• May require polling: If you can't afford to block execution on get_result(), you may have to poll the Future's done() function to check whether the thread has finished.

Callbacks[edit | edit source]

Callbacks are similar to Futures in that we start threads using a Thread Manager to do work for us, instead of calling functions directly and sequentially. The difference is that when we start the thread, there is no return value; instead, the thread will call back to tell us when it is finished, and what the result was. It does this by raising a Mod Event.

  • Callback - A Mod Event that is raised when a thread completes. Passes the thread results in the event parameters.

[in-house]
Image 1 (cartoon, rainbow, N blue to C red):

Using the above example from Futures, our code might look like:

    Event OnInit()

    function SomeFunction()

    ;...then somewhere else, in your script

    Event PlaceSwordAsyncCallback(ObjectReference akPlacedObject)
        ;Anyone that registers for the mod event can get this, too!
        my_sword = akPlacedObject

Callback Pros[edit | edit source]

  • Push-based: Using callbacks is a push pattern, where results are returned to you as soon as they're available instead of having to request them.
  • Anyone can access results: The results of a thread are available to anyone who registered for the event that returns them.
  • Results received without delays: Unlike Futures, you do not have to block your script pending results being available. Just register for the appropriate event and react to it.
  • No polling: You no longer have to potentially poll for whether or not your results are ready.